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US Supreme Court Justices Financial Disclosure Reports Under the Microscope

Given that basic transparency measures are anathema to the Supreme Court and its justices, we must use every available tool to ensure the nine are not flouting ethical standards.

Documents Received Via Records Requests Show Public Schools Lavishing Supreme Court Justices with Fancy Travel, Hotels, Gifts

A private jet flight for Thomas, silver cups for Gorsuch, a seat in the Chancellor’s Box for Kagan

March 24, 2020

Supreme Court justices are accepting expensive perks from public colleges and universities when they visit yet often shield these appearances from the larger public by limiting who can attend their events and even leaving the trips off their annual disclosures, according to a report released today by Fix the Court.

Though the justices and their staffs are not subject to federal freedom of information laws, they often interact with officials at public schools bound by state records laws. Since October, FTC has sent 21 records requests to 19 such institutions about justices’ visits and has in return received 13 batches of documents comprising 3,973 pages. The records underscore that the justices are eager to speak and teach beyond the elite private universities they attended but also reveal the exorbitant transportation, hotel and security costs paid by the schools and the strict policies sought by court staff to manage the content and audience for the events. You can read the report here.

“Given that basic transparency measures are anathema to the Supreme Court and its justices, we must use every available tool to ensure the nine are not flouting ethical standards,” FTC executive director Gabe Roth said. “At minimum, we’d know much more about justices’ transportation and lodging costs and the types of gifts they’re receiving if they adhered to the reporting rules followed by members of Congress and top executive branch staff. Until they do, or until Congress makes them, we’ll keep digging.”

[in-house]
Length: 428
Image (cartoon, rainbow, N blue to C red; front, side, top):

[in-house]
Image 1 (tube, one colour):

To start, we found two examples of justices failing to include reimbursements in their annual disclosures. It’s fairly clear that Justice Sotomayor’s $1,045 flight to Rhode Island in 2016 – she was URI’s commencement speaker – and the block of up to 11 rooms reserved for her, her friends and her security detail at one of the state’s nicest hotels were paid by the university. And yet, Sotomayor did not list the trip on her 2016 disclosure. Justice Thomas, on the other hand, included the income he made teaching at the University of Kansas and the University of Georgia Schools of Law in his 2018 disclosure but did not mention in the report’s “reimbursement” section if either school paid for his transportation, food and lodging while in Lawrence or Athens.

After FTC brought these presumed oversights to the attention of the Supreme Court press office last week, the PIO on March 23 acknowledged the errors, saying, “Justice Thomas and Justice Sotomayor will amend their Financial Disclosure Reports to include the reimbursements that had been omitted from the prior reports.”

Beyond the issues raised by omissions, some of the exorbitant transportation, hotel and security fees we uncovered made us wonder just how valuable some schools view the justices’ visits – especially considering that these costly events can’t technically be fundraisers (though that’s a proscription we’re not convinced all the justices are following).